Cataract Surgery: How To Prepare

Learn about the steps you need to take to prepare for cataract surgery

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Cataract surgery is a relatively common procedure that treats cataract, a clouding of the eye’s lens. Also known as lens replacement surgery, this procedure involves surgically removing the cloudy lens and replacing it with a specialized prosthetic called an intraocular lens (IOL). Though this treatment is quite routine, if your ophthalmologist has recommended it, some preparation will be necessary. Surgery outcomes improve dramatically when you follow your healthcare provider's instructions. Here's what you should know before you have the procedure.

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Previously, cataract surgery required patients to spend several days in the hospital. Now, this procedure takes place in an outpatient setting requiring a relatively quick recovery. Barring unforeseen complications, you'll go home the same day. The treatment is mostly performed using local anesthesia—so you’re not put to “sleep." Most cataract surgery cases are done in outpatient surgery centers. As healthcare tries to find new innovative ways to streamline healthcare delivery, some practice settings are starting to offer cataract surgery in office-based procedure rooms. Notably, these surgeries are performed by a specific type of specialist called an ophthalmologist.

The ophthalmologist’s operating room will typically have the following equipment:

  • Operating table: Cataract surgery is done while you’re laying down flat on a specialized, adjustable operating table.
  • Surgical microscope: A wall-mounted or wheeled surgical microscope enables the healthcare provider to visualize the area in high magnification.
  • Lights: Other adjustable lights will be necessary to ensure the practitioner is able to get a clear picture of what they’re working on.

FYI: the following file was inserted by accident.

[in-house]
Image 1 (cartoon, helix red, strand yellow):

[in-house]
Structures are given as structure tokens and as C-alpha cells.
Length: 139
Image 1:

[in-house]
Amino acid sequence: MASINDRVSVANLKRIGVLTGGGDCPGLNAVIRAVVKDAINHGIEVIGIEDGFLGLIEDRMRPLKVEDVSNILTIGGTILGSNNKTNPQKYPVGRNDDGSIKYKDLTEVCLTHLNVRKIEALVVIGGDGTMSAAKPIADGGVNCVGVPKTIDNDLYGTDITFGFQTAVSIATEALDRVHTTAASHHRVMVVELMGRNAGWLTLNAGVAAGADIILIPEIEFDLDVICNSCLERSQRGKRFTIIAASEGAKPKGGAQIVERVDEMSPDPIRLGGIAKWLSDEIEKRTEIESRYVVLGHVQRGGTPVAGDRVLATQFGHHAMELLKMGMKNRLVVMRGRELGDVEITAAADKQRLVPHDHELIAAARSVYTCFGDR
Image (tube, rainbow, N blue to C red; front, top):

What to Wear

Cataract surgery is a very quick, outpatient procedure. Your healthcare provider will provide you with a list of what to wear, but here’s a quick breakdown of what’s typically recommended:

  • Dress comfortably: During surgery, you won’t need to change into a gown, so practitioners advise wearing comfortable, loose-fitting clothes. No change of clothes is necessary, though you may want to bring an extra shirt as fluids used in the surgery may drip down, Make sure to wear a shirt or top that has buttons.
  • Go scent-free: On the morning of the procedure, wash your face with soap and water, but avoid wearing or applying perfume, aftershave, lotion, or moisturizing creams.
  • Avoid jewelry: Don’t wear jewelry of any sort on the day of the operation. In addition, steer clear of make-up and nail varnish.

Food and Drink

Consultations with the ophthalmologist prior to the procedure will help clarify what you can and cannot eat or drink prior to the procedure. Be sure to listen carefully and feel free to ask any questions you have. Depending on how the surgery will be conducted, there may be differences in terms of what is and is not recommended. These might include:

  • Local anesthesia: If the procedure is being done using only local anesthesia—that is, only the affected area will be numbed to pain—it is possible you will be asked to avoid food and drink prior to the procedure.
  • General anesthesia: For the subset of those who will have the treatment performed under general anesthesia—that is, if you’re in the minority that’s going to be put to sleep during the procedure—there are many more restrictions. Healthcare providers will need you to avoid eating food or drinking anything other than water for at least six hours prior to the surgery. 
  • For those with diabetes: Special considerations are necessary if you have diabetes, especially with regards to medications (see below). Importantly, it’s typically advised that you bring along a juice-box or a sweet drink to have in case your blood sugar levels dip.